Recently I posted an article here on Swynk about how to
move all of your data
from one server to another. In that article I outlined a "trick" you
can use if the new server will have the same logical drive configuration as the
old one. If the logical drive configuration is different or you only want to
move a portion of your files, usually the easiest way is to detach them from the
original server and then attach to the new one, which gives you the chance to
change the physical locations of the files for each database. The downside to
that is that if you have a lot of databases to move, it gets very tedious
If you haven’t used them before, SQL gives you three stored procedures to use
for this process; sp_detach_db, sp_attach_db, an sp_attach_single_file_db.
Running sp_detach_db will remove the database from SQL, but leaves the files
intact. You can then move them to a different location on the server or even to
a different server, then use sp_attach_db to "reconnect" the database
and you’re back in business. Detaching the database is also useful when you want
to archive a database but may need to use it again at some time in the future.
When you detach the database, you have the option to update the statistics
before doing so. You can always update the stats after you have reattached it.
You use sp_attach_single_file_db if you only have a data file, it will create
the log file for you. If you have the log file, then you use sp_attach_db.
SP_attach_db supports up to 16 files (a combination of data files and log
files). If you have more than 16 files, you have to use create database with the
for attach option.
When I read in BOL the 16 file limit, I was definitely curious – why would
there be a limit on the number of files? It turns out that sp_attach_db has been
coded to only accept 16 file names, and it basically just creates dynamic sql to
execute a create database with the for attach option! I also looked at
sp_attach_single_file_db, it just does a simple create database with attach,
letting SQL create the log file in the default location. SP_detach_db isn’t as
helpful, it’s just a wrapper around DBCC DetachDB – but you can guess that it
probably just removes the row from sysdatabases plus other related master
Detaching and attaching databases in SQL 7 requires you to run the stored
procedures, but in SQL 2000 you can right click to perform those operations –
very very handy, since you have to provide the complete path and filename for
each file. Unfortunately neither the stored procedures or Enterprise Manager
allow you to specify filegroups when you attach. If you have file groups, you’re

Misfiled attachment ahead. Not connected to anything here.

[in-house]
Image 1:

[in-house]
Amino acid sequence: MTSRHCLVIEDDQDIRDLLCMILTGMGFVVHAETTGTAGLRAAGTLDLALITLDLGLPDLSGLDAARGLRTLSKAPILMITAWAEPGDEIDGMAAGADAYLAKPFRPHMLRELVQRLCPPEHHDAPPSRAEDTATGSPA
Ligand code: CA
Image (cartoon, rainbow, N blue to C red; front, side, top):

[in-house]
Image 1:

stuck with manually creating the SQL to do the create database.
One potential problem with moving a database to another server is that your
SQL logins will not work correctly. Neil Boyle has addressed that problem, see
his article Fixing
Broken Logins if you
run into that problem.
So, in the worst case scenario, you’re using filegroups and you’re moving the
database to a server with a different logical drive configuration (or you want
to change how you’re using the drives you have) – what’s an easy way to do it?
One way that wouldn’t be too hard would be to script out the create database
statement, then modify the file locations and add the ‘for attach’ to it. In SQL
2000 you could use the Copy Database Wizard (which also avoids the SQL login
Other than that – code? As I’ve demonstrated in other
articles, DMO gives you
the ability to generate scripts programmatically with the same options you get
when you script using Enterprise Manager. This would be faster than manually
scripting each database, but would still require you to customize it afterwards
(adding ‘for attach’ as a minimum, possibly changing file locations).
I couldn’t think of a way short of a copy of the Copy Database Wizard to handle
the file locations, so maybe I could at least get the ‘for attach’ added.
So, there are two options. The first would be to use DMO to generate the
create database script, then open it using the FileSystemObject and append the
‘for attach’. The other would be to control the script process in code, walking
through the collections to get the information needed. I opted for plan B
because it gives me a chance to show you how the filegroups, dbfiles, and
transactionlog collections work, but it is a LOT of code compared to plan A!